Densho Digital Archive
Densho Visual History Collection
Title: Rudy Tokiwa Interview II
Narrator: Rudy Tokiwa
Interviewers: Tom Ikeda (primary), Judy Niizawa (secondary)
Location: Honolulu, Hawaii
Date: July 2 & 3, 1998
Densho ID: denshovh-trudy-02-0005

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TI: Okay. Before we go there, let's go back and, to Japan.

RT: Oh, yeah.

TI: Because we got to the right point, where you went to Japan. You were sort of expecting it to be pretty good, at this point.

RT: Yeah.

TI: Explain how it was in Japan for a boy of thirteen.

RT: Well, before we go into Japan, then, I'm going to go back to, instead of me going to school in Japan, I went to Manchuria.

TI: To Manchuria, that's right.

RT: To Manchuria.

TI: Okay.

RT: And I went to school in Manchuria for a year. And it was a little bit rough, because, see, like in Manchuria, it wasn't just a bunch of people having kids and stuff and goin' to school. Everything was regulated by the Japanese government. So when I was going to school in Manchuria, there was no such thing as me sittin' with a class. And there was no such thing as the teacher saying, "All right, these are the things I want you to do, and I'll help you do this." It was just straight, "These words mean this, this, this. Learn how to write 'em." And this was one of the reasons, like my sister thought, "Gee, if he can get tutored a little bit from some place on the side, he'll learn a lot faster." But because it was Manchuria, see, you don't get that, because every Japanese that was there, were under a Japanese contract. So this was the reason why I was sent to Japan. But now the people in, Japanese in Manchuria, now they were very good, to me. The kids and everybody were real good. I got along real well with them, because they were kids in a foreign country. And I was a foreigner from a foreign country. And so, gee, I had no problems over there.

TI: Did you mingle with the locals, the Chinese?

RT: No, no, no. It was, this was something that was surprising to me was, there's a lotta racism over there, and even class. Now, I was surprised, because over there, even in the trains, it's first-, second-, third-class. And one of the things was, if you was a Japanese national, you never went below second-class. And if he was anybody over there, you was always first-class. And I used to feel sorry for the Manchurians a lotta times, because over there, there was no, there wasn't too many cars and stuff. Taxis were horse-and-buggy. And the reason for it, they've always said, was wintertime, you can't use cars over there, because everything is solid ice. So therefore, because I was a Japanese American, the kids really took into me. And, see, in Japan, it was, as far as the Japanese government went, it was very important that everybody spoke Japanese, and the Japanese stuck together. And I could see why; it was because if you didn't stick together, then the, well, since Manchuria was a conquered country, the people would try to fight you. Which you couldn't blame them. After all, the Manchurians, this was their country. You very seldom, as students, went anyplace by yourselves.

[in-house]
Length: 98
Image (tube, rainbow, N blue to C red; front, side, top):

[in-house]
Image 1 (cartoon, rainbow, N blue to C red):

And I felt very fortunate, because I was older than the kids that I was in class with, because I'm trying to learn the ABCs, like if it was over here, it's the ABCs. But I'm, I should be past that age. So what they did was, they put me up another couple grades, but I was learning the ABCs. So I very felt honored that, when summertime came and the school, the seventh and eighth graders in the school, went on a tour of, well, they called it Chosen, which was Korea. And I was asked to go with them. And this is when I learned a lot about humans. And I learned a lot about what a human being feels. Because I am, I was a person that was discriminated against. And while I was in Manchuria, the Japanese were discriminating against the Manchurians.

TI: So describe, so when you, so Manchuria, things went well, but when you went to Korea, you were discriminated against?

RT: No, no, no.

TI: Oh.

RT: See, now, all the Japanese in Manchuria would discriminate against...

TI: Against the Manchurians.

RT: Manchurians and the Koreans. And I felt real bad about that. And I used to talk about it, even over there. And I used to say, "In America, this is what happens to the Japanese."

JN: What did they do to show discriminatory kinds of things?

RT: To the Manchurians?

JN: Yeah.

RT: All right, here's a good example. Like I say, a taxi over there was a horse-drawn buggy. And they would catch a taxi and go someplace, and the Manchurian would say, so much, and they'd give 'em whatever they please. And when the guy would squawk, they'd say, "All right, if you don't like it, let's go to the police department." And the reason why they can say that, the head of the police department's gonna be Japanese. And this hit me real hard there, because I could see what was going on in the United States. It's the same thing.

<End Segment 5> - Copyright © 1998 Densho. All Rights Reserved.